How does this impact your business?

Foods containing Ashwagandha cannot be lawfully sold in Australia and should now be withdrawn from market or listed as medicines under the TGA. Businesses wishing to market foods containing Ashwagandha in Australia must first obtain a satisfactory safety assessment from FSANZ, which requires that at least one applicant provide convincing evidence in support of the safe use of Ashwagandha before it can be included in food. Even then, permission for the sale of novel foods may be granted subject to conditions including volume limits and form restrictions as well as potential mandatory warnings or advisory statements.

If you currently have a product that contains Ashwagandha or are thinking of putting a new product on the market containing herbal or medicinal substances, contact UC F&B today to discuss how we can ensure your business is compliant with all applicable regulations.


At Universal Counsel, our F&B experts can provide a comprehensive evaluation for clients covering not only whether ingredients are currently permitted under the Food Standards Code, and whether there are potential concerns about safety, but also your options for bringing a product with those ingredients to market on a low-risk/compliant basis (whether as a food or medicine).

If you are considering including a nutritive substance or substance used in traditional/herbal medicine in one of your products, please download our Permissions Pathways Flowchart, which outlines how we get from idea to execution in being able to add a substance and also being able to talk about what that substance does. 

Universal Counsel commonly assists F&B business with:

-       Product labelling and collateral compliance reviews

-       Ingredient safety and compliance analysis including procuring scientific toxicology studies

-   Strategic path to market advice for businesses operating in the food-medicine interface, specialising in functional foods and complementary medicines.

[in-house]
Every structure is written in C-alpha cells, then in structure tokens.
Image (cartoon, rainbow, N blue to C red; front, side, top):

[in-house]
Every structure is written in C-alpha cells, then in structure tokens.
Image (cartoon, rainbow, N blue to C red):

-       Claims strategy and compliance tools and solutions

Stay tuned also for our explainer on the food-medicine interface and path to market for functional foods. Our Chief Counsel, Amelia Edwards, will be speaking on the New Frontier: Navigating the Food-Medicine-Cosmetics Interface at the Naturally Good expo in Sydney on 6 June, a presentation that will be free to attend.


Contact the UC F&B team today:


Recent Posts

All Articles

Hard Lessons from “Hard Solo” for Alcohol and Non-Alc Alternatives NPD

Want to keep your business out of NPD hot water (with or without lemon)? Be proactive, be prepared & remember that UC F&B's here to help. Hard lessons from Hard Solo; a UC F&B Deep Dive.

Read More

UC How To: Navigating Online Content, Claims & Conflict

This blog and downloadable UC How-To are here to help you manage risk & capture opportunity online and on social media, with special tips for health & food businesses.

Read More

PATHWISE NPD 101: Permissions Pathways - Claims

Learn what can and can't be said about food products, including functional foods and beverages. We tackle the whats, whys, and where-to-from-heres in UC F&B's second NPD 101 instalment.

Read More

Sign up to our Mailing List for more free resources!

If you want to learn more about Universal Counsel's services and solutions, and get updates on the things that matter to you, leave your email address below.

Thank you! Your submission has been received!
Oops! Something went wrong while submitting the form. Please try again.